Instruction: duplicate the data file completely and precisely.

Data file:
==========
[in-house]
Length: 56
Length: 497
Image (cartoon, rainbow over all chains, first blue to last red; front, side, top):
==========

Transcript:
[in-house]
Length: 56
Length: 497
Image (cartoon, rainbow over all chains, first blue to last red; front, side, top):